Feb 20, 2024 - World

U.S. vetoes UN resolution demanding immediate humanitarian ceasefire in Gaza

A Palestinian woman cries as she inspects a heavily damaged apartment following Israeli bombardment on Rafah on Feb. 8

A Palestinian woman cries as she inspects a heavily damaged apartment following Israeli bombardment on Rafah on Feb. 8. Photo: Said Khatib/AFP via Getty Images

The U.S. on Tuesday vetoed a UN Security Council resolution that demanded an immediate humanitarian ceasefire in Gaza.

Why it matters: It's the third time the U.S. has vetoed a resolution related to the war in Gaza. It also comes amid increasing global calls for a ceasefire as conditions in the enclave continue to rapidly deteriorate.

  • More than 29,100 Palestinians — the majority of whom are women and children — have been killed since the war began, according to the Ministry of Health in Hamas-run Gaza.
  • The UN warned this week that due to malnutrition, the Gaza Strip "is poised to witness an explosion in preventable child deaths which would compound the already unbearable level of child deaths in Gaza."

Details: Thirteen countries voted in favor of the Algeria-led resolution on Tuesday, while the U.S. voted against it. The U.K. abstained.

  • The resolution called for an immediate ceasefire, the delivery of aid to the entire Gaza Strip, Israel's compliance with the orders of the International Court of Justice and for all parties to respect their obligations under international law.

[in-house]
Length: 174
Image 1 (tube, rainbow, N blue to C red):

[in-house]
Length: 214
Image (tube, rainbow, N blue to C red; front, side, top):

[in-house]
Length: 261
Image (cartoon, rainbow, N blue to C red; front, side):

• It also rejected the forced displacement of Palestinians and demanded the immediate and unconditional release of all hostages.

Driving the news: The U.S. had warned it would use its veto if the resolution passed.

  • U.S. Ambassador to the UN Linda Thomas-Greenfield said in a statement this weekend that the U.S. believes a hostage deal proposal the Biden administration is pushing "represents the best opportunity to reunite all hostages with their families and enable a prolonged pause in fighting."
  • The deal would lead to at least a six-week pause in fighting.
  • "We want this deal to take place as soon as possible but sometimes diplomacy take ore time than we would like," Thomas-Greenfield said on Tuesday ahead of the vote.
  • Secretary of State Tony Blinken spoke several times with his Algerian counterpart in recent weeks and asked him to wait with the vote because it might hamper U.S. efforts to reach a hostage deal and a temporary ceasefire, a U.S. official said.

Yes, but: The negotiations over the deal have largely stalled, with significant gaps between Israel and Hamas remaining. Thomas-Greenfield acknowledged the gaps, but said the "key elements are on the table."

  • The U.S. circulated on Monday its own Security Council draft resolution that calls for a "temporary ceasefire," but did not stipulate a timeframe, saying it should come "as soon as practicable" and on the basis of releasing all hostages held by Hamas in Gaza. It's unclear whether that draft will come to a vote.
  • Thomas-Greenfield said after Tuesday's vote that the Algeria-led resolution was irresponsible and stressed the U.S. is ready to hold negotiations with all council members on its alternative draft.

What to watch: Brett McGurk, President Biden's top Middle East adviser, is expected to visit Israel on Wednesday for talks on the efforts to secure the release of hostages held by Hamas in Gaza.

  • He's also expected to discuss a possible Israeli military operation in Rafah, which the U.S. has said it opposes without a credible plan for evacuating the more than 1 million Palestinians who are sheltering from the war there.
  • The Israeli government has vowed to destroy Hamas to create a reality in which an attack like the one the group carried out on Oct. 7 cannot happen again. About 1,200 people, mostly civilians, were killed in that attack, according to Israeli officials.

Editor's note: This story has been updated with additional details throughout.

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